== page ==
Reviewed by Sarina
TITLE: Cry Wolf
SERIES: Underwood District #1
AUTHOR: Greta Stone
PUBLISHER: Skeleton Key Publishing
LENGTH: 409 pages
RELEASE DATE: April 10, 2017
Peter is a kitsune. Chaos follows him wherever he goes. Good intentions, bad intentions—it doesn’t matter. Even mimicking the howl of a friend he hasn’t seen in over a decade turns out to have disastrous consequences.
The wolf doesn’t have a name. For now, he goes by Luca. He has no past, and as an escaped slave, if he can’t stay hidden in the shadows, he’ll have no future. When someone steals his howl, he’s drawn to investigate, and ends up saddled with a mouthy fox who insists they used to be friends once upon a time.
Petty problems and a dubious reunion are pushed aside the longer they’re stranded together. The Underwood is a dangerous place.
They have two choices: work together or die.
Join Greta Stone in a dark paranormal MM romance retelling of Aesop’s fable, The Boy Who Cried Wolf, and David P. Mannix’s classic novel, The Fox and the Hound.
Way back when, I read the two part short story that predated this novel and I loved it so when I found out the author had seriously expanded it, I couldn’t wait to get my hands on it! I have to say, as much as I enjoyed the original story, this was both just as good while simultaneously it was so much better! What the author has done here is a blending of classic fairytales, stuff that most everyone should recognize in one form or another, and various other mythologies but they were all so seamlessly integrated together it was hard to believe they’d never all been together in the same world to begin with. Here there be monsters and they are both unapologetic about what they are and absolutely perfect in both the darkness they don’t try to hide and the humanity they can’t help but show.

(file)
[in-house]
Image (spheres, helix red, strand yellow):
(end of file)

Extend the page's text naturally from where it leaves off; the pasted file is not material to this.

The two main characters, Peter and Luca, were really complex in all the best ways; one of my favorite things about this was getting to unravel the mystery they each presented over the course of the book. Honestly, there are things I’ll probably never figure out or get to learn about either of them but that just made them both more appealing to me. On the surface Peter is the ultimate trickster while Luca is the bad boy every mother despairs of their child bringing home. Their history together is complicated and gets only more so as the book progresses; this certainly isn’t helped by the fact that Luca has completely forgotten his past or the fact that he’s being hunted.
The story itself encompasses several months of time but there are some time skips in the middle to move progress along; I usually don’t care for time skips but these didn’t take anything away from either the character development or the overall story so I was completely fine with them. By the end of the book, both Peter and Luca had gone through some fairly hefty changes and were so much better for it; there’s also so much more left to explore and I’m totally excited for that!
This was just fantastic; the story was so unique and I loved when I found another fairytale reference just kind of slipped in there. There were some minor editing issues in the book but nothing that was overly distracting and I easily ignored them in favor of the story itself. If you’re looking for a book with complex characters with a unique and intriguing story, I’d really recommend you give this one a try!